Why Do New Cricket Bats Need Knocking?

Know the Essentials of Knocking for New Cricket Bats
Imagine a ball hitting your face at a speed of 140 kph. Ouch!! That hurts badly. Now imagine a cricket bat in place of your face. But still, the bat stands much stronger than your (or anyone’s) face.
Most cricket bats are made of English willow (or Salix Alba Caerulea), a soft fibrous timber that possesses the perfect balance of characteristics required. The qualities of balance, durability, and power are further enhanced during the production of bats through timber drying & pressing.

Knocking & Its Need for New Cricket Bats
While the mechanical pressing converts soft timber into a hard resilient surface layer, the finished bat still needs a final hardening for complete protection & optimal performance. The final process that involves the hardening and conditioning of the surface of a bat’s blade is known as knocking in. There are two reasons for why every new bat needs knocking, as listed below:

Protection: Even though mechanical pressing hardens the surface, the timber still has some softness that can lead to cracks and breakage. Knocking in helps prevent cracks from occurring, and hence, increases the usable life of the bat.

Performance: In addition to enhancing the protection, the process of knocking in improves the middle of the bat. The bigger and better middle makes the bat travel far, assisting batsmen in playing better and powerful shots.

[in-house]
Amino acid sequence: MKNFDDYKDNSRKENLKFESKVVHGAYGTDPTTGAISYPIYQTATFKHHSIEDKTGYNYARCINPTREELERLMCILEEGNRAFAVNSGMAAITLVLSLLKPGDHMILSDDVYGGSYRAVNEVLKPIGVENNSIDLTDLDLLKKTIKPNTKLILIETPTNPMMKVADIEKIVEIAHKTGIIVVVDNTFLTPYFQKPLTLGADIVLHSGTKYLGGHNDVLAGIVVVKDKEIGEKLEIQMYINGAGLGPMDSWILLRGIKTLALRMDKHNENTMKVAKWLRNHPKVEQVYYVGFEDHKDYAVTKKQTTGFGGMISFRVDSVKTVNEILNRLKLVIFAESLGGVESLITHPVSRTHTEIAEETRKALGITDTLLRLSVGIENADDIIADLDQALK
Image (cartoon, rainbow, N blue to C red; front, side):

Knocking In Your New Bat the Right Way
Since a bat can be hardened solely by mechanical pressing, it would compress the wood too deep, resulting in a smaller middle and lower performance. Thus, it is essential to knock in your new bat with a mallet by hand. The right knocking process would take hours to complete. It is advised to consult a professional before moving ahead if you are not confident about doing it yourself.

1. Take 2-3 teaspoons of raw linseed oil and apply it evenly on the face, back and edges of the bat. Here, you need to take care not to apply oil on the handle, labelled areas, or the splice (the area where handle fits into the blade). Also, make sure that you don’t apply more than required oil as this will lead to dead timber fibres and negatively affect performance.
2. Let the bat rest for 24 hours to dry, placed horizontally with its face up.
3. If you are planning to add a protective anti-scuff sheet to your bat, proceed with the next step. In case of no anti-scuff sheet, repeat the above 2 steps twice.
4. After letting the bat dry, take a soft cloth and wipe off any excess oil that you see on the surface.
5. Next, take a specialist bat mallet to knock your bat for around 4 hours. Pay special attention to the blade’s toe and edges, and round off these areas using glancing blows off the face. Also, make sure that you don’t hit the back, toe, or edges directly as it may damage your bat.
6. While knocking in, increase the force gradually and not immediately and avoid damage with a hard force.
7. Apply fibre tape to the edges and anti-scuff sheet over the top.
8. Test the blade with throw downs or a light net session using an old ball of good quality. Further knocking may be required if any indentations or seem marks occur.

With this, your new bat is ready to perform in the field without worries of cracking or breaking during the play. Looking for a new bat to hit the bowlers hard in your next match? Get an exciting range of high-quality bats as per your style of playing, weight, and willow grading choice from Monarch Sports.

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